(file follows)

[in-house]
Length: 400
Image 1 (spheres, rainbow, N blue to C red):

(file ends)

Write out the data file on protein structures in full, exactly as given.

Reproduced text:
[in-house]
Length: 400
Image 1 (spheres, rainbow, N blue to C red):